Atlas of pathophysiology, 2 Edition

Part II - Disorders

Genital Diseases

Testicular Cancer

Most testicular tumors originate in gonadal cells. About 40% are seminomas—uniform, undifferentiated cells resembling primitive gonadal cells. The remainder are nonseminomas—tumor cells showing various degrees of differentiation. The prognosis varies with the cell type and disease stage. When treated with surgery and radiation, almost all patients with localized disease survive beyond 5 years.

Age Alert

Malignant testicular tumors primarily affect young to middle-aged men and are the most common solid tumor in these age-groups. Incidence peaks between ages 20 and 40. Testicular tumors seldom occur in children.

Testicular cancer is rare in nonwhite males and accounts for fewer than 1% of male cancer deaths.


Primary cause unknown

Associated conditions

·   Cryptorchidism (even if surgically corrected)

·   Maternal use of diethylstilbestrol during pregnancy


Testicular cancer may metastasize to the lungs, liver, viscera, or bone. It spreads through the lymphatic system to the iliac, para-aortic, and mediastinal lymph nodes.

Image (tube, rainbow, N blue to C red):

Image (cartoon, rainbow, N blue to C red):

Signs and symptoms

·   Firm, painless, smooth testicular mass, varying in size and sometimes producing a sense of testicular heaviness

·   Gynecomastia and nipple tenderness may result if tumor produces chorionic gonadotropin or estrogen may result

·   Dull ache in the lower abdomen or back

·   Lump or swelling in either testicle

In advanced stages

·   Ureteral obstruction

·   Abdominal mass

·   Cough, hemoptysis, shortness of breath

·   Weight loss

·   Fatigue, pallor, lethargy

Diagnostic test results

·   Scrotal ultrasound confirms the presence of a solid mass.

·   Laboratory studies show elevated human corticotropin, human chorionic gonadotropin (HCG), and alfa fetoprotein (AFP) (nonseminoma) or elevated HCG and normal AFP (seminoma).

·   Tissue biopsy confirms the diagnosis and stages the disease.



·   Orchiectomy and retroperitoneal node dissection

·   Hormone replacement therapy after bilateral orchiectomy

Postoperative radiation

·   Seminoma—retroperitoneal and homolateral iliac nodes

·   Nonseminoma—all positive nodes

·   Retroperitoneal extension—mediastinal and supraclavicular nodes prophylactically

Combination chemotherapy

·   Essential for tumors beyond stage 0

·   Agents include bleomycin, etoposide, and cisplatin; cisplatin, vindesine, and bleomycin; cisplatin, vinblastine, and bleomycin; cisplatin, vincristine, methotrexate, bleomycin, and leucovorin

Unresponsive malignancy

·   Chemotherapy and radiation

·   Autologous bone marrow transplantation




Clinical Tip: Staging Testicular Cancer

The extent of metastasis determines the stage of testicular cancer.


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